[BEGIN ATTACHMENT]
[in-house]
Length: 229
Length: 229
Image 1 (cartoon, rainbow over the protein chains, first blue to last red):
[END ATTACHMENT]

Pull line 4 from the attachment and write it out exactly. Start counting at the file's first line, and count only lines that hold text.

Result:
Image 1 (cartoon, rainbow over the protein chains, first blue to last red):